The rate of evapotranspiration from a mature cranberry bed in Wisconsin was measured using infrared thermometry. Values ranged from 0.8 to 6.2 mm d-1, which were on average 1.05 of the equilibrium evaporation rate. These results are in good agreement with those measured earlier in Wisconsin by the Bowen-ratio technique. Estimates of stomatal conductance were extracted from the data, yielding values of at least 0.2–0.3 mol m-2 s-1, substantially higher than earlier reports for cranberry but typical of uncultivated plants. Our results give us good confidence that cranberry evapotranspiration in the continental climate of Wisconsin, at least, can be estimated from the equilibrium evaporation rate, i.e., the Priestley–Taylor potential rate, with α = 1.05.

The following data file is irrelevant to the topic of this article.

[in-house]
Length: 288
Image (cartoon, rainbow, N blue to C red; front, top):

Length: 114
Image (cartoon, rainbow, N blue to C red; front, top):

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Vol. 97 • No. 1